By TIM ROWDEN
Frontline staff at Riverview Care Center have filed petitions with the National Labor Relations Board (NLRB) for a formal union recognition election to join SEIU Healthcare Missouri.
Announcing the move Sept. 3, outside the nursing home at 5500 S. Broadway in St. Louis, workers detailed anti-union actions taken by management in an attempt to interfere with their campaign to gain a voice on the job and a seat at the table in decision making at the facility.
The workforce at Riverview is comprised of cooks, dietary aides, activity assistants, LPNs, CNAs, restorative aides, and others who have courageously served their residents throughout the COVID-19 pandemic, providing quality care through one of the most challenging and deadly times to be working in nursing homes in America.
Despite their efforts, workers report a lack of dignity and respect from management and no avenue to have their concerns about safety and needed support heard.
In response, workers started organizing with SEIU Healthcare Missouri to win collective bargaining rights through formal union recognition to address their concerns.
ILLEGALLY FIRED ORGANIZERS
Management responded by firing eight workers in what the union says was a direct act of retaliation against their union activity – an illegal move by management, if proven – and hired agency workers making as much as $23 an hour to replace them, when their own employees haven’t gotten raises in five years. Unfair Labor Practice charges are pending.
“These workers have a right to unite; they have a right to form a union. They have a right to have their voices heard, to stand up to fight for better raises, fight for better PPE, fight for transparency during this time with COVID testing,” said SEIU Healthcare Missouri Union Representative Paula Jones.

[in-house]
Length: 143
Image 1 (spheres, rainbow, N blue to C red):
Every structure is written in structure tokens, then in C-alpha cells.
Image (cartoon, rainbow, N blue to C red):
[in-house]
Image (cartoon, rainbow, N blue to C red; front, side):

Jones said Riverview management has posted flyers inside the facility telling workers that a union is not in the best interests for the company.
“But they have not said anything about what’s best for the workers,” Jones said. “These workers have been working here five-plus years and haven’t received a raise.”
RIGHT TO ORGANIZE GUARANTEED
Meeting with workers in a small park across from the nursing home, Jake Hummel, president of the Missouri AFL-CIO, told workers their right to collectively bargain is guaranteed by the Constitution and that the AFL-CIO would stand with the workers in their effort to join a union.
“You can’t be fired for that,” Hummel said. “Once you sign that authorization card, management cannot retaliate against those people. We’re here with you.
“The most important thing is we can do is to provide wages and benefits for these people and make sure that they’re provided a clean and safe workspace. Our members are here to make sure that they can put food on the table for their families. They have to be able to go to work and go home in a safe manner so that they’re not bringing something home to their families.”
State Rep. Steve Butz (D-St. Louis) said he was stunned by management’s actions.